if i study physics as an undergraduate , do i get to study all the physics i took before in high school ? like fluid dynamics , thermodynamics for instance , do we start from the very beginning ? or am i supposed to have a background on them ?
Really?! I've been hearing about the US HS system.Most physics students do study some physics in high school, but it's often a course that does not use calculus...
Really?! I've been hearing about the US HS system.
In New Zealand and , to my knowledge, most (British) Commonwealth nations you cannot get into a core physics course without, at least, passing senior secondary qualifications in physics and the math+calc.
Even so, the standard of new entrants varies so much that the review is needed.
The entire senior curriculum is usually covered in the first half of each paper. There's usually a mix of stuff students won't have seen in secondary school too.
Well, in my experience (I took high school physics nearly 40 years ago in US), there was no (and still isn't a) 'standard' high school physics course/program. It varies so much from state to state, city to city, even high school to high school in the same urban school district, that there is effectively no 'standard', and hasn't been as long as I've been around.Yes, the "standard" high school physics course in the US does not use calculus. Many (but not all) high schools also offer a calculus-based "AP physics" course. If a student does well enough on a standardized "AP exam" at the end of the course, many (but not all) colleges and universities will give the student course credit for their first-year calculus-based introductory physics course.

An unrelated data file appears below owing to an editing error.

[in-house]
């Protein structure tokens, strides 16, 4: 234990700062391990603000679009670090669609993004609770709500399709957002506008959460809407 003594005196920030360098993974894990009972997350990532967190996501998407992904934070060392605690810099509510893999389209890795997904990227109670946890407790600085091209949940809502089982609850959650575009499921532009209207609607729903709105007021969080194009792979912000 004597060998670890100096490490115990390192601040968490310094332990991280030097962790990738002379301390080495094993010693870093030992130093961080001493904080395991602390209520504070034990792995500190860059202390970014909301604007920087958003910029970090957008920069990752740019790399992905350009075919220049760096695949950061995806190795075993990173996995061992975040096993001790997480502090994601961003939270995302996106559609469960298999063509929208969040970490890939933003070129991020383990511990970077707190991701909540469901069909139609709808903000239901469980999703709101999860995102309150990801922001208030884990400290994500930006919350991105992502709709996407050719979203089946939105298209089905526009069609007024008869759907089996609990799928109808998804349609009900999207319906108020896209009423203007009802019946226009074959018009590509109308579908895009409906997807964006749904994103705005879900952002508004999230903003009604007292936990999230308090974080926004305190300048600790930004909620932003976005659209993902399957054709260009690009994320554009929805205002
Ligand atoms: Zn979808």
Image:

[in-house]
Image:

I took two years of physics in high school more than forty years ago. Neither of them used calculus. This was before AP courses existed or were common; my high school didn't offer them, at any rate. I did take calculus in high school, and did well enough in it that my college allowed me to skip the first semester of their three-semester calculus course. But I didn't start doing calculus-based physics until college.
These sorts of differences between countries make me feel frustrated when someone asks a question like the one that started this thread, without giving any idea what country he or she is in.